Orthogastropoda was a major taxonomic grouping of snails and slugs, an extremely large subclass within the huge class Gastropoda according to the older taxonomy of the Gastropoda.

Heterobranchia Clade of gastropods

Heterobranchia, the heterobranchs, is a taxonomic clade of snails and slugs, which includes marine, aquatic and terrestrial gastropod mollusks.

Sorbeoconcha Clade of gastropods

Sorbeoconcha is a taxonomic clade of snails, i.e. gastropods, mainly marine species with gills and opercula, within the clade Caenogastropoda.

Littorinimorpha Order of gastropods

Littorinimorpha is a large order of snails, gastropods, consisting primarily of sea snails, but also including some freshwater snails and land snails.

Sea snail Common name for snails that normally live in saltwater

Sea snail is a common name for slow-moving marine gastropod molluscs, usually with visible external shells, such as whelk or abalone. They share the taxonomic class Gastropoda with slugs, which are distinguished from snails primarily by the absence of a visible shell.

Aciculidae Family of gastropods

The Aciculidae are a family of minute land snails which have opercula. In other words, Aciculidae are terrestrial operculate gastropods. Even though Aciculidae are land snails, they live in rather wet conditions, among mosses and dead leaves and they have sometimes been described as "winkles come ashore".

Vermetidae Family of gastropods

The Vermetidae, the worm snails or worm shells, are a taxonomic family of small to medium-sized sea snails, marine gastropod molluscs in the clade Littorinimorpha. The shells of species in the family Vermetidae are extremely irregular, and do not resemble the average snail shell, hence the common name "worm shells" or "worm snails".

The taxonomy of the Gastropoda as it was revised in 2005 by Philippe Bouchet and Jean-Pierre Rocroi is a system for the scientific classification of gastropod mollusks. The paper setting out this taxonomy was published in the journal Malacologia. The system encompasses both living and extinct groups, as well as some fossils whose classification as gastropods is uncertain.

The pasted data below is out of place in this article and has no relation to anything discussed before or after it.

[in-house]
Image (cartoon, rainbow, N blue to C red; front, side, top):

The taxonomy of the Gastropoda, as revised by Winston Ponder and David R. Lindberg in 1997, is an older taxonomy of the class Gastropoda, the class of molluscs consisting of all snails and slugs. The full name of the work in which this taxonomy was published is Towards a phylogeny of gastropod molluscs: an analysis using morphological characters.

Apogastropoda Group of molluscs

Apogastropoda was previously used as a major taxonomic grouping of sea snails, marine gastropod molluscs. This infraclass mostly consisted of marine limpets and operculate snails. At least 20,000 species were considered to exist within the two clades that were included, Heterobranchia and Caenogastropoda.

Vetigastropoda Clade of sea snails

Vetigastropoda is a major taxonomic group of sea snails, marine gastropod mollusks that form a very ancient lineage. Taxonomically the Vetigastropoda are sometimes treated as an order, although they are treated as an unranked clade in Bouchet and Rocroi, 2005.

Winston F. Ponder is a noted malacologist from New Zealand who has named and described many marine and freshwater animals, especially micromolluscs. He graduated with an MSc, PhD and DSc from the University of Auckland, New Zealand.

Neritimorpha Subclass of gastropods

Neritimorpha is a taxonomic grouping, an unranked clade of snails, gastropod mollusks. This grouping includes land snails, sea snails, some deepwater limpets, and also freshwater snails. This clade used to be known as the superorder Neritopsina.